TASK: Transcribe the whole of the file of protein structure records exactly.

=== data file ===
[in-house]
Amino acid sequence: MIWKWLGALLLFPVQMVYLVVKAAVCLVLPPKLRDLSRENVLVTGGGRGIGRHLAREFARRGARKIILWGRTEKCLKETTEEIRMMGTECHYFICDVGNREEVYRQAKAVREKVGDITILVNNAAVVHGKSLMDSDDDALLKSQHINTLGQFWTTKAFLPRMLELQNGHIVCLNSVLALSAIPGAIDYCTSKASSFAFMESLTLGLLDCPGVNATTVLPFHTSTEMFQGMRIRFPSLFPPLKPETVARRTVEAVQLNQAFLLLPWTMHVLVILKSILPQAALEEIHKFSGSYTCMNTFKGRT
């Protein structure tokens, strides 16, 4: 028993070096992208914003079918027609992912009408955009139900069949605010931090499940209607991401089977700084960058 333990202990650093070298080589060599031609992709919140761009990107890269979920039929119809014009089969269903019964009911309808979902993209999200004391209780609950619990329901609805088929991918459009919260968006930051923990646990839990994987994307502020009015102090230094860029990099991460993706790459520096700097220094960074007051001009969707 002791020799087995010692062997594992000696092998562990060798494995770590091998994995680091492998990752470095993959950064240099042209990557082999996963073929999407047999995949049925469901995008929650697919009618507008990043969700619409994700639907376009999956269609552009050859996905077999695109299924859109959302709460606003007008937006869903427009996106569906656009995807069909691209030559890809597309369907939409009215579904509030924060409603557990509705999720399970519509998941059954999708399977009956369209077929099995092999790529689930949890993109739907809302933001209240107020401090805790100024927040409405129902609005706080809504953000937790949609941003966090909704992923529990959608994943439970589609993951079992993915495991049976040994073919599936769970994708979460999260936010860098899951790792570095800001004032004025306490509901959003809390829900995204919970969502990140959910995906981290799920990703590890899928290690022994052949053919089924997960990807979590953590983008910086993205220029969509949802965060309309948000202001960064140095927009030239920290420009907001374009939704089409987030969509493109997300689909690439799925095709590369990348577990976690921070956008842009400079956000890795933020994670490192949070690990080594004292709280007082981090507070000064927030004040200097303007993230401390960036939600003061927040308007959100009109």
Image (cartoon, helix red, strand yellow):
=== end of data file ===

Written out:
[in-house]
Amino acid sequence: MIWKWLGALLLFPVQMVYLVVKAAVCLVLPPKLRDLSRENVLVTGGGRGIGRHLAREFARRGARKIILWGRTEKCLKETTEEIRMMGTECHYFICDVGNREEVYRQAKAVREKVGDITILVNNAAVVHGKSLMDSDDDALLKSQHINTLGQFWTTKAFLPRMLELQNGHIVCLNSVLALSAIPGAIDYCTSKASSFAFMESLTLGLLDCPGVNATTVLPFHTSTEMFQGMRIRFPSLFPPLKPETVARRTVEAVQLNQAFLLLPWTMHVLVILKSILPQAALEEIHKFSGSYTCMNTFKGRT
């Protein structure tokens, strides 16, 4: 028993070096992208914003079918027609992912009408955009139900069949605010931090499940209607991401089977700084960058 333990202990650093070298080589060599031609992709919140761009990107890269979920039929119809014009089969269903019964009911309808979902993209999200004391209780609950619990329901609805088929991918459009919260968006930051923990646990839990994987994307502020009015102090230094860029990099991460993706790459520096700097220094960074007051001009969707 002791020799087995010692062997594992000696092998562990060798494995770590091998994995680091492998990752470095993959950064240099042209990557082999996963073929999407047999995949049925469901995008929650697919009618507008990043969700619409994700639907376009999956269609552009050859996905077999695109299924859109959302709460606003007008937006869903427009996106569906656009995807069909691209030559890809597309369907939409009215579904509030924060409603557990509705999720399970519509998941059954999708399977009956369209077929099995092999790529689930949890993109739907809302933001209240107020401090805790100024927040409405129902609005706080809504953000937790949609941003966090909704992923529990959608994943439970589609993951079992993915495991049976040994073919599936769970994708979460999260936010860098899951790792570095800001004032004025306490509901959003809390829900995204919970969502990140959910995906981290799920990703590890899928290690022994052949053919089924997960990807979590953590983008910086993205220029969509949802965060309309948000202001960064140095927009030239920290420009907001374009939704089409987030969509493109997300689909690439799925095709590369990348577990976690921070956008842009400079956000890795933020994670490192949070690990080594004292709280007082981090507070000064927030004040200097303007993230401390960036939600003061927040308007959100009109």
Image (cartoon, helix red, strand yellow):